The enduring relevance of Gandhi in a Dravidian polity

Be it ending the atmosphere of hate, teaching children in their mother tongue or underscoring the need for probity in public life, Gandhi occupies an important place in the electoral politics of Tamil Nadu

Updated - October 02, 2019 02:03 pm IST

Published - October 02, 2019 12:29 am IST - Chennai

Tamil Nadu, which saw the emergence of a political movement quite different ideologically to Gandhi’s own even during his lifetime, is still in need of the Mahatma’s teachings in a range of areas in public life, according to a cross-section of political leaders and commentators.

Also read: Recovering Gandhi’s religious vision

Be it ending the atmosphere of hate, teaching children in their mother tongue or underscoring the need for probity in public life, Gandhi occupies an important place in the electoral politics of the State even today, they add.

Describing corruption, communalism and casteism as “the evils of current politics of Tamil Nadu”, Panruti S. Ramachandran, a member of the Cabinets of both the Dravida Munnetra Kazhagam (DMK) and the All India Anna Dravida Munnetra Kazhagam (AIADMK) during the 1970s and 80s, points out that the Mahatma fought these all his life.

On the issue of the movement launched by Periyar E.V. Ramasamy on the plank of self-respect and social justice differing with that of the national movement led by Gandhi for independence, Mr. Ramachandran says while Periyar was for attaining social equality before freedom, the latter favoured freedom.

 

Emphasising that “Gandhi inspired Tamil Nadu which, in turn, inspired Gandhi”, L. Ganesan, BJP’s former national vice-president, recounts that it was during his visit to the State that he decided to take up the loincloth as his attire. He says one should not conclude that the DMK’s ascension to power in the 1967 Assembly election had led to the erosion of respect the people of the State had for Gandhi.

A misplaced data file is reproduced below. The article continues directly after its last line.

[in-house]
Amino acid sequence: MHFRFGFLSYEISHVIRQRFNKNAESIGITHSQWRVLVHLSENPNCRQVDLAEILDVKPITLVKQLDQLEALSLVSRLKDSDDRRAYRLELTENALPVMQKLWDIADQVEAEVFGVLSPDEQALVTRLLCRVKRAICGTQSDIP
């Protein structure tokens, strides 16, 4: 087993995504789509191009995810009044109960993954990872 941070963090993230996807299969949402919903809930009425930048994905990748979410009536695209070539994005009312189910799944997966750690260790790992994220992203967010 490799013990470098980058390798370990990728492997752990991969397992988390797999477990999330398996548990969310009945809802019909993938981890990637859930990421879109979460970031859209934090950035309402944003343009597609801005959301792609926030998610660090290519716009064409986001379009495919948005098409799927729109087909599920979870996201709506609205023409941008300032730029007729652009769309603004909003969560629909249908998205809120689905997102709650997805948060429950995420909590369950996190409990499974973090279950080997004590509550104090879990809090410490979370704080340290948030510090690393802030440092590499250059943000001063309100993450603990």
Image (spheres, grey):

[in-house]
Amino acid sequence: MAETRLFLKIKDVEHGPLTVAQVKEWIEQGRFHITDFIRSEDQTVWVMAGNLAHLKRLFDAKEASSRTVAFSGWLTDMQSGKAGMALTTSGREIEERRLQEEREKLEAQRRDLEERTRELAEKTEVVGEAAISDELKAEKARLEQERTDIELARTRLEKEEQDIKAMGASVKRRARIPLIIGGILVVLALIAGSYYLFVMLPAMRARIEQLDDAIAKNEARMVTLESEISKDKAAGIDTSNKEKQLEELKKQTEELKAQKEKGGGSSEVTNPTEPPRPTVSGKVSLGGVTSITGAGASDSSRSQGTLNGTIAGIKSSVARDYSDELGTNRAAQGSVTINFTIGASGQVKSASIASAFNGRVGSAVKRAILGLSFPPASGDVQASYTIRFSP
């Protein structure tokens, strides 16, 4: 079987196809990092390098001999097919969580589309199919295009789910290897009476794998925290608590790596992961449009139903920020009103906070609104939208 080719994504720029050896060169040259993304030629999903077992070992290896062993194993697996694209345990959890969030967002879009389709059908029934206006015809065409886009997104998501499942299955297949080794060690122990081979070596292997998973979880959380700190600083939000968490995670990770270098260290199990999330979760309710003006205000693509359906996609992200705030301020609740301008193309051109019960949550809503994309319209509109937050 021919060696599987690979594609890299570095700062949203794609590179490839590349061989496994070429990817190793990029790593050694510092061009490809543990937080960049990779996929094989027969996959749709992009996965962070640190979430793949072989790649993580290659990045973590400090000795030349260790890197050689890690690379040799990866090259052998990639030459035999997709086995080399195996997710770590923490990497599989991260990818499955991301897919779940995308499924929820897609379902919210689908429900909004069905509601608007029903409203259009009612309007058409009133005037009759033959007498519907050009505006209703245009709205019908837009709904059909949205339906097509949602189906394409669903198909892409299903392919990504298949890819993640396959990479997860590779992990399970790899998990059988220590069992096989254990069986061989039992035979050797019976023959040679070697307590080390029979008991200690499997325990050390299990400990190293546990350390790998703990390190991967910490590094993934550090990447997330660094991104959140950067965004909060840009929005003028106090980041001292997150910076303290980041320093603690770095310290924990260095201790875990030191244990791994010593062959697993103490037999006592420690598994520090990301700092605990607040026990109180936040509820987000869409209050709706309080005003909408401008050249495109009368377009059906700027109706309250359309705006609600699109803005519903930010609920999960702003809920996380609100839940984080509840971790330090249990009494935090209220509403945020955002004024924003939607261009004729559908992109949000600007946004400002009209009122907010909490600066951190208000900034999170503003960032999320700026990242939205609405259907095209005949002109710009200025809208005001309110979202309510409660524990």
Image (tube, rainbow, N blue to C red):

Referring to the row over the now-dropped provision of the draft National Education Policy (NEP), which had originally recommended the mandatory teaching of Hindi in all schools, M. Rajendran, Editor of Kanaiyazhi, a Tamil literary journal, recalls how Gandhi promoted the concept of educating children in their mother tongue and referred to the 1937 Wardha scheme of basic education.

‘Morality in politics’

Lamenting the prevalence of “money culture” in elections in the State, K. Jayakumar, Tiruvallur MP (Congress), says this trend is a threat to democracy.

 

“If votes can be obtained by bribing voters in one form or the other, where is the need for holding elections?” he asks, adding that it is in this context that Gandhi’s insistence on morality in politics assumes great relevance.

D. Ravikumar, VCK general secretary and Villupuram MP, says there are increasing indications that the State is in the grip of an “atmosphere of hate”, divided on the lines of caste or religion. This is why the concept of tolerance, preached by the Mahatma, is of immense importance, he says.

 

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